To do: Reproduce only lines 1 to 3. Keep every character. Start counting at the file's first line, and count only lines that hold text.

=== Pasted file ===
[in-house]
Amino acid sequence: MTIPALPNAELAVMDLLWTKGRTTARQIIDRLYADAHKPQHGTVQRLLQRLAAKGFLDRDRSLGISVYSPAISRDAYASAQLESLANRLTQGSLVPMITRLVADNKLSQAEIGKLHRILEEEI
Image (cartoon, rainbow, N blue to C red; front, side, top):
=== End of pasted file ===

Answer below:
[in-house]
Amino acid sequence: MTIPALPNAELAVMDLLWTKGRTTARQIIDRLYADAHKPQHGTVQRLLQRLAAKGFLDRDRSLGISVYSPAISRDAYASAQLESLANRLTQGSLVPMITRLVADNKLSQAEIGKLHRILEEEI
Image (cartoon, rainbow, N blue to C red; front, side, top):